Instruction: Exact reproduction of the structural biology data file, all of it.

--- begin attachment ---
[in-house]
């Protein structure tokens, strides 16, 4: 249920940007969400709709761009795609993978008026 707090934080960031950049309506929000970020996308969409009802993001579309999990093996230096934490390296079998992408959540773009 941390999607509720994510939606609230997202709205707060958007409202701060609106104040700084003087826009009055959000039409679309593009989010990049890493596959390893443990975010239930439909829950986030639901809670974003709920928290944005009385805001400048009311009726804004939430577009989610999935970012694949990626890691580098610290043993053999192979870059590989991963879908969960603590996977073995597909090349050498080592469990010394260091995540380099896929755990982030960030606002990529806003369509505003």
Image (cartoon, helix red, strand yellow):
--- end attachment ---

[in-house]
């Protein structure tokens, strides 16, 4: 249920940007969400709709761009795609993978008026 707090934080960031950049309506929000970020996308969409009802993001579309999990093996230096934490390296079998992408959540773009 941390999607509720994510939606609230997202709205707060958007409202701060609106104040700084003087826009009055959000039409679309593009989010990049890493596959390893443990975010239930439909829950986030639901809670974003709920928290944005009385805001400048009311009726804004939430577009989610999935970012694949990626890691580098610290043993053999192979870059590989991963879908969960603590996977073995597909090349050498080592469990010394260091995540380099896929755990982030960030606002990529806003369509505003």
Image (cartoon, helix red, strand yellow):